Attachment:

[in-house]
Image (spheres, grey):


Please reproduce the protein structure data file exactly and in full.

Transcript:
[in-house]
Image (spheres, grey):